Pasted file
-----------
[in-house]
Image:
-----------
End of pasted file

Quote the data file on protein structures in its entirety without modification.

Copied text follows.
[in-house]
Image: